In the earlier years of the vineyard, some of the fruit was sold to other producers, but since 2012, all of the estate fruit has gone exclusively into the Chapin wines. Steve buys some additional fruit for certain bottlings, but most of the Chapin wines are made from the estate fruit. After fermentation, the reds are aged for about 30-36 months, using about 50% each French and American oak, and around 50% new barrels.
Steve moved behind the tasting room bar and started our group on trying a number of the current Chapin releases. He began with reds, the first of which was the 2015 Cabernet Sauvignon. This had aromas of ripe currant and plum, vanilla, spice, and earth, medium-full bodied with good structure and a firm tannic finish – this has the potential to develop with bottle age. Next was the 2015 Syrah, with ripe plummy fruit, vanilla, spice, and mocha on the nose, rich texture and showing a touch of heat on the finish – this reminded me of a bigger Paso Robles Syrah in style.
The 2015 Montepulciano displayed earth and smoke aromas plus black cherry fruit and vanilla, a rich mouthfeel and big but refined tannins. Continuing with Italian varieties, Steve next poured us the 2015 Aglianico, which featured ripe dark berry fruit, earth, vanilla, lots of spice, plus an intriguing citrus note. Big and structured, it finished with chewy tannins typical of the variety. We tasted one more red, the 2015 “Eclipse,” a blend of 50% each Cabernet Sauvignon and Syrah. This had an herbal character along with ripe plum and darker fruit, vanilla, spice, and a touch of mocha, medium-full bodied with fine tannins – nicely balanced, and I felt the Cabernet element of the wine showed more clearly than the Syrah component.
Steve tasted us on his white wines and rosé following the reds – always refreshing to taste in that order with bigger red wines. Our first white was the 2016 Sauvignon Blanc, one of the few Chapin wines sourced from non-estate fruit. This showed bright grapefruit and stone fruit aromas with herbal and floral undertones, medium-light body, and a crisp finish. The 2017 Chardonnay was made in stainless steel, and displayed tropical fruit with touches of citrus and flowers, medium body, and moderate acidity. Next was the 2015 “Rosella” Montepulciano Rosé, made from saignée, showed some reductive notes at first but revealed higher-toned strawberry and citrus fruit with some air. We finished up with 2015 Fiano, sourced from Lodi fruit – an unusual rendition of the variety that was herbal and not fruit-forward, with hints of stone fruit, nuts, and earth, with medium weight on the palate.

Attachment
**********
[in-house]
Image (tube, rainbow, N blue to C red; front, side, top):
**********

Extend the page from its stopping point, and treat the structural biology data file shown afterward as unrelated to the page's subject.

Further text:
In addition to the wines we tasted, Chapin also makes Viognier, Merlot, Petite Sirah, and “Chapin’s Summit” – a blend of Syrah, Petit Verdot, Cabernet Sauvignon, and Montepulciano. Annual production is about 3,800 cases, and Steve would like to increase that to 6,000 cases. The wines are currently all sold direct to consumer through the tasting room and wine club.
Our tasting with Steve was relaxed and low-key, and his wines were notably different from the others we’d tasted from Temecula that day. The Chapin wines tended to be in a bigger, bolder style, and while they weren’t all in my wheelhouse, the 2015 Cabernet Sauvignon, 2015 Aglianico, and 2016 Sauvignon Blanc were my favorites of those that we tasted. The Chapin tasting room may be located at the end of the road for Temecula wineries but if you’re looking for bold, flavorful wines, this may be a place you’ll want to check out.
After leaving Chapin, we considered making one more winery stop but everyone felt like we needed a break before heading out for dinner, and we headed back to our motels in Temecula. Although the La Quinta had screwed up on the rest of the group’s check-ins the previous afternoon, I was happy with my room there. The motel location was somewhat tough to find, behind a strip mall near the freeway, and to head back toward town or the freeway it was necessary to go down the road a little ways and make a U-turn – not the best arrangement though a fairly minor annoyance.
We had some spare time before dinner, so Eric and Jay drove back to The PUBlic House in Old Town Temecula for a beer (we’d had dinner there the previous evening), and I joined them there a short time later. Couldn’t resist another “Pliny the Elder” Double IPA – not many places have it on tap! The beer and a tasty appetizer in the rear patio was a nice way to relax before dinner.
The restaurant we planned to go to that evening does not take reservations, but they do have a waitlist phone app, so Eric signed us in and he was given a designated time when we should be seated. Paul and Barry joined us and we all walked to the restaurant, only to be told that we’d have to wait another 45 minutes for a table! We decided it wasn’t worth the wait, so we walked to another nearby place we’d considered going, 1909 Temecula. They have a nice front patio area but we decided to sit indoors that evening and had no trouble finding a table. My beer-battered fish tacos were very good, as was the Victory Brewing “Golden Monkey” Belgian-style Tripel that I enjoyed with the tacos.
As we had done the previous evening, we all sat out by the motel swimming pool for Scotch and Cognac, plus cigars for Eric, Jay, and Barry. Terrific Scotch and Cognac, and I did a better job on this evening of staying out of the cigar smoke!
This had been an interesting day. I’d heard many things over the years about Temecula wine – by and large not very complimentary – so it was good to finally experience it for myself, and found that I was pleasantly surprised by much of what I tasted at our three winery visits. It certainly made me curious enough about other wineries in the area to make me want to return to check out more of them.